Deletion of intestinal epithelial insulin receptor attenuates high-fat diet-induced elevations in cholesterol and stem, enteroendocrine, and paneth cell mRNAs

Sarah F. Andres, M. Agostina Santoro, Amanda T. Mah, J. Adeola Keku, Amy E. Bortvedt, R. Eric Blue, P. Kay Lund

Research output: Contribution to journalArticlepeer-review

18 Scopus citations

Abstract

The insulin receptor (IR) regulates nutrient uptake and utilization in multiple organs, but its role in the intestinal epithelium is not defined. This study developed a mouse model with villin-Cre (VC) recombinase-mediated intestinal epithelial cell (IEC)-specific IR deletion (VC-IRΔ/Δ) and littermate controls with floxed, but intact, IR (IRfl/fl) to define in vivo roles of IEC-IR in mice fed chow or high-fat diet (HFD). We hypothesized that loss of IEC-IR would alter intestinal growth, biomarkers of intestinal epithelial stem cells (IESC) or other lineages, body weight, adiposity, and glucose or lipid handling. In lean, chow-fed mice, IEC-IR deletion did not affect body or fat mass, plasma glucose, or IEC proliferation. In chow-fed VC-IRΔ/Δ mice, mRNA levels of the Paneth cell marker lysozyme (Lyz) were decreased, but markers of other differentiated lineages were unchanged. During HFD-induced obesity, IRfl/fl and VC-IRΔ/Δmice exhibited similar increases in body and fat mass, plasma insulin, mRNAs encoding several lipid-handling proteins, a decrease in Paneth cell number, and impaired glucose tolerance. In IRfl/fl mice, HFD-induced obesity increased circulating cholesterol; numbers of chromogranin A (CHGA)-positive enteroendocrine cells (EEC); and mRNAs encoding Chga, glucose-dependent insulinotrophic peptide (Gip), glucagon (Gcg), Lyz, IESC biomarkers, and the enterocyte cholesterol transporter Scarb1. All these effects were attenuated or lost in VC-IRΔ/Δ mice. These results demonstrate that IEC-IR is not required for normal growth of the intestinal epithelium in lean adult mice. However, our findings provide novel evidence that, during HFD-induced obesity, IEC-IR contributes to increases in EEC, plasma cholesterol, and increased expression of Scarb1 or IESC-, EEC-, and Paneth cell-derived mRNAs.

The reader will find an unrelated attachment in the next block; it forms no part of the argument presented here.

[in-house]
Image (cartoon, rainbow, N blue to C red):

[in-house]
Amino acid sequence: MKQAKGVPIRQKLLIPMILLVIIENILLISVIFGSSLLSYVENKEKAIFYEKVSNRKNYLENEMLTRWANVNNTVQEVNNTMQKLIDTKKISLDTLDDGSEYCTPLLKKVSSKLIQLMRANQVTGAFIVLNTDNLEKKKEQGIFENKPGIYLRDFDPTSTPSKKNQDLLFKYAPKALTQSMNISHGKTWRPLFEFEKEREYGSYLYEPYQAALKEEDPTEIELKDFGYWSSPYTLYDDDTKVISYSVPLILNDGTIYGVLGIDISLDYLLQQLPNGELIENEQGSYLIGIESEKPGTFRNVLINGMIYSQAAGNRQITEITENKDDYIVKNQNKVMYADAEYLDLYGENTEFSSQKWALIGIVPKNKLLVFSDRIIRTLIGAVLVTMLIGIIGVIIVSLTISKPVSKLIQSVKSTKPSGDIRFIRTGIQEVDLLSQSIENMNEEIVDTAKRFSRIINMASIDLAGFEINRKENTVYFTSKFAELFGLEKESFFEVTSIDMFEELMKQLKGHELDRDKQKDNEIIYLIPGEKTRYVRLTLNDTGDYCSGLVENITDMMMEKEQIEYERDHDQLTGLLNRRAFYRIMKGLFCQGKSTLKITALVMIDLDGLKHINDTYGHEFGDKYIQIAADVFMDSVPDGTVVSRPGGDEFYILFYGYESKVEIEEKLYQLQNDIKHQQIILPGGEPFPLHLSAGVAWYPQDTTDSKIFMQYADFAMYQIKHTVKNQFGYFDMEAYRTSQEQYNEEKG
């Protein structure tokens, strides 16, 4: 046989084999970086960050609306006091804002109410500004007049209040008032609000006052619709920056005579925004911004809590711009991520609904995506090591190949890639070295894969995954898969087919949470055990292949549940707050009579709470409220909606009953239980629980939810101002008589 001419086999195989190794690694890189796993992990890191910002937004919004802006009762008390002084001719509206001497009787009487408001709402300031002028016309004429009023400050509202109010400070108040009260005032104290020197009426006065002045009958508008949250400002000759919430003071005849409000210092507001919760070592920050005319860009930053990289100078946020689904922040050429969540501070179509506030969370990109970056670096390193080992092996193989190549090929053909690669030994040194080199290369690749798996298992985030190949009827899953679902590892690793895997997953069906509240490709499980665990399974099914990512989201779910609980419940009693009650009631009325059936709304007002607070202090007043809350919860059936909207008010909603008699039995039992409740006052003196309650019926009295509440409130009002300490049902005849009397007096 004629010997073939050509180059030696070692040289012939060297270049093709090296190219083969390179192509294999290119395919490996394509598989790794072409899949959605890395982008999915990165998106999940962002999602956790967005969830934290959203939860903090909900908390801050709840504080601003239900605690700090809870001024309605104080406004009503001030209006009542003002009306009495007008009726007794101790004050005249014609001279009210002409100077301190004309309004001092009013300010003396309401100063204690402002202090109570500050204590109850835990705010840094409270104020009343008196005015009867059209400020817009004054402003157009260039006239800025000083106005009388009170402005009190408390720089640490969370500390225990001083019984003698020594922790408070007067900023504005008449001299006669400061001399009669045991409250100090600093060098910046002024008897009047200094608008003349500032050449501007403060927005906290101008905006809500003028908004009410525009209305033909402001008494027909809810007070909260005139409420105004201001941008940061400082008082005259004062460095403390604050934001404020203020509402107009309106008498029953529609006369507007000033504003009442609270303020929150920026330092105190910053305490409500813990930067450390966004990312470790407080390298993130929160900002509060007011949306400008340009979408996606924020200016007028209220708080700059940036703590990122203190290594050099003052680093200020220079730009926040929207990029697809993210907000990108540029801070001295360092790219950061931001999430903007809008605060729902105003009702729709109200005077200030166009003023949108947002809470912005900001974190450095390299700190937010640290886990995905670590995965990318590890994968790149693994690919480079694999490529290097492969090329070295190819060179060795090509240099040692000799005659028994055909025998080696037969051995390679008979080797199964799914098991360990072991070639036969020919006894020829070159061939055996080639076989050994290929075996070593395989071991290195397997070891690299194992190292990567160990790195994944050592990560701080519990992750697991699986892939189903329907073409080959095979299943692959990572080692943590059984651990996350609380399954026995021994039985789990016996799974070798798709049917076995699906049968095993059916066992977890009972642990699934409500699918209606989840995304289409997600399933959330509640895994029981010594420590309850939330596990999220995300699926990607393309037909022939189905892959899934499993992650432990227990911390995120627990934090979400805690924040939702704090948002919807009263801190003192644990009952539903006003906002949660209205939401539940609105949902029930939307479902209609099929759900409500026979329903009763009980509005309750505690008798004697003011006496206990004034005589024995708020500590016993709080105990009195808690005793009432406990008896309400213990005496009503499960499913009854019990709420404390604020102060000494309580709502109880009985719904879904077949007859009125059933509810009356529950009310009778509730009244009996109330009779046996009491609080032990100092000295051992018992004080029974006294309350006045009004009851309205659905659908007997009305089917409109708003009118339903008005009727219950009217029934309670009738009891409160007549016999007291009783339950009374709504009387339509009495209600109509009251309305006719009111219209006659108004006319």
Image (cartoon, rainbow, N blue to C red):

Original languageEnglish (US)
Pages (from-to)G100-G111
JournalAmerican Journal of Physiology - Gastrointestinal and Liver Physiology
Volume308
Issue number2
DOIs
StatePublished - Jan 15 2015
Externally publishedYes

Keywords

  • Cholesterol
  • Glucagon
  • Glucose-dependent insulinotrophic peptide
  • Hyperinsulinemia
  • Lysozyme
  • Obesity
  • Small intestine

ASJC Scopus subject areas

  • Physiology
  • Hepatology
  • Gastroenterology
  • Physiology (medical)

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